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post #27 of 36 Old 07-13-2012, 02:27 PM - Thread Starter
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OK...thanks for that, I will spend a little more on a better SSD.

Question about Windows 7. I just bought a new Toshiba laptop for my wife with Windows 7 preinstalled. Can I copy Windows 7 and put it on my HTPC? Does this fall into the category of

1) Can't be done
2) Can be done, but shouldn't be done (illegal)
3) Can be done, since I own a legal copy
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post #28 of 36 Old 07-13-2012, 06:23 PM
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Quote:
Originally Posted by Mfusick View Post

It's of the slowest SSD's available.

Hmm... according to Anandtech, the Agility performs very comparably to the Vertex:

http://www.anandtech.com/show/4346/ocz-agility-3-240gb-review/2

Quote:
it uses a very cheap type of NAND memory that is slower. Reason why they so cheap.

Vertex uses synchronous memory, and the Agility uses asynchronous memory. The difference is the performance with non-compressible data.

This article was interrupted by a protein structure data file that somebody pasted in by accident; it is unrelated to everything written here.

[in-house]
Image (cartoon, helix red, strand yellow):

Even this guy says you won't be able to tell the difference in real-world performance:

http://thessdreview.com/ssd-guides/beginners-guide/ssd-components-and-make-up-an-ssd-primer/3/

Quote:
A OCZ vertex3 on other hand is very fast- usually only $10 more.
I own both. I have agility in my server for OS.
the difference is noticeable. Your talking about one of the faster SSD's vs one of the slower ones.

I'm not doubting you, but in the real-world, there shouldn't be much difference. The theoretical maximums that the Vertex promises are not even close to being delivered.

Now, the entire point I was trying to make is that he's going to spend the next 6 months saying to himself "Man, this SSD is frickin' fast compared to my spinner!" Then he will have a frame of reference to determine if a more capable SSD is worth it.
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post #29 of 36 Old 07-13-2012, 06:27 PM
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Originally Posted by Redskin View Post

1) Can't be done
2) Can be done, but shouldn't be done (illegal)
3) Can be done, since I own a legal copy

Number 2. You need a license for every copy of windows you install.
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post #30 of 36 Old 07-13-2012, 08:13 PM - Thread Starter
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Interesting article Puwaha...I think I might consider that Agility again.

Also thanks for the heads up on Windows 7. I will purchase a new copy.